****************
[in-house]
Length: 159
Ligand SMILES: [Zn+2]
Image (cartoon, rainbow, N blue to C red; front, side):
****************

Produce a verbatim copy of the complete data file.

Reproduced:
[in-house]
Length: 159
Ligand SMILES: [Zn+2]
Image (cartoon, rainbow, N blue to C red; front, side):